I had just finished taking these photos of our youngest daughters and their babies, when the head of Oksana's doll toppled off. We were so surprised because she was being very careful and gentle with her new treasure.

Oksana's response to this toy tragedy, surprised me. So many children would have fussed or whined or demonstrated anger if this happened to them, especially if the broken toy was their first birthday gift --ever. Not Oksana! Our little 7-year-old giggled and giggled. The event reminded me to thank God for the blessing that her happy, contented spirit is to us all!

Once Oksana got over her giggles, we went to the car where Mr. Beaver and the other kids were waiting. Papa repaired Oksana's gift--once he got over the shock of the headless doll.

Not only did Oksana's dad operate on her broken birthday doll, he also decorated the chocolate sour cream cake Cassandra made for our celebration. The cake says, "What is this?" in Russian. Oksana has been using this phrase for just about everything for the five months we've known here. We think she says it at least a dozen times a day.

Oksana was zealous in her attempts to blow out the trick candles. She eventually won the smoky skirmish.

One of the greatest joys of being able to adopt and parent older children is getting to experience their special "firsts". We had a marvelous, God-blessed day. We think our new seven-year-old did also.

Wednesday, April 27, 2011

A Better Plan

Mrs. Beaver:

Tomorrow, April 28, we will celebrate the adoption of biological sisters Tatiana, Natasha and Princess Bink six years ago.

As integral a part of our family as they now are, we almost missed out on the blessing that they've been.

When we got the referral for the girls, ten months along in the adoption process, we said, "Thank you,"

We'd asked the Russian goverment for a brother and a sister between the ages of five and eight. They wanted us to take three children, not two. This referral was all girls, and it even included a child much younger than we thought we wanted to parent. We prayed (or at least told ourselves we did) and informed our agency we'd pass. We'd wait for another referral.

Two weeks later I got that second call while Mr. Beaver was at work. I held my breath waiting for the info on the new children. What I heard instead was our agency contact, Patricia, saying, "It's the strangest thing, but this referral is for the same children. The difference is that this time they're suggesting you just take the older two girls."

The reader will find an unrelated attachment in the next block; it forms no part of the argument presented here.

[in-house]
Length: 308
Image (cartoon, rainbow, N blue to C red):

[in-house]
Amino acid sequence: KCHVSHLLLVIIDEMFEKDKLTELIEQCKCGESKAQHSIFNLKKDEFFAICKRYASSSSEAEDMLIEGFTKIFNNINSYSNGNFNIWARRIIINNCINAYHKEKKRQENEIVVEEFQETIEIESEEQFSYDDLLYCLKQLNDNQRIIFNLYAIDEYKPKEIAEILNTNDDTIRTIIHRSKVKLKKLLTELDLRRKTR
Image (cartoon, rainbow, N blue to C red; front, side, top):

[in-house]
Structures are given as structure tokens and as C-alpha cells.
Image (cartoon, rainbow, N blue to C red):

Incredulously, I asked, "Do you mean we'd leave the 2-1/2 year old in her orphanage?" Patricia sounded hesitant, but her answer was, "Yes."

Again I poked and proded at the implication, "We'd be separating the sisters? Forever?" And again, Patricia's answer was a reluctant, "Yes. Since the youngest is in a different orphanage because of her age, they can be separated."

Without even consulting Mr. Beaver, I told Patricia that I didn't think we could tear a family apart. After all, we were in the business of adoption to keep siblings together. I told her I thought we'd have to take all three of the girls or none of them. We'd pray about this second referral of the same sisters and get back to her.

The next day as we were wrestling with what felt like a heavy weight, a CD arrived in the mail that I had ordered about two weeks earlier. It was Steven Curtis Chapman's newest release "All Things New."

Included among the songs was one titled, "What Now?." As we listened, we were amazed at how it seemed to speak to our dilemma. As we played it again and again, our hearts were softened:
"I saw the face of Jesus in a little orphan girl
She was standing in the corner on the other side of the world.
I heard the voice of Jesus
Gently whisper to my heart,
'Didn't you say you wanted to find Me?
Well here I am.
Here you are. So What now?'"
A second song on Chapman's CD, called "Believe Me Now", bolstered our courage as it reminded us that if we said, "Yes," to adding another three children to our family--including a toddler--that God would be with us, just as He always had been.

The Lord used the music of adoption advocate and adoptive father Steven Curtis Chapman to change our minds. Now we wanted to be part of God's glorious plan to allow these sisters to face the rest of their lives shoulder-to-shoulder, friends forever. Now that God had moved in our hearts, we were determined that they'd have each other's support, encouragement and love for the rest of their lives.

We said, "YES!" to the three little girls in early November, and three weeks later we were on a plane headed to Russia to meet our soon-to-be daughters.

The pictures included in this post were taken at the two orphanages that were their homes. We had only 45 minutes to spend at each, but it was enough. Tatiana, Natasha and Princess Bink won our hearts that day. They've held hearts ever since.

Princess Bink never smiled and never spoke during our time together.
We had no idea she what a zest for life she'd shower on all of us.

Unlike their stoic little sister, the older girls were full of life and laughter during our time together.

Tatiana - age 7

Natasha - age 4-1/2

We colored with the girls and showed them pictures of the children who would be their siblings.

We thank God that He channeled our hearts (Proverbs 16:1), His plan was, of course, far better than ours!